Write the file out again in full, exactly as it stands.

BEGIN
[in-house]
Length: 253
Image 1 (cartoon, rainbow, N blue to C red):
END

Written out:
[in-house]
Length: 253
Image 1 (cartoon, rainbow, N blue to C red):